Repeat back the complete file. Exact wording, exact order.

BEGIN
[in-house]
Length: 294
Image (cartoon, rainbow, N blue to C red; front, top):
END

[in-house]
Length: 294
Image (cartoon, rainbow, N blue to C red; front, top):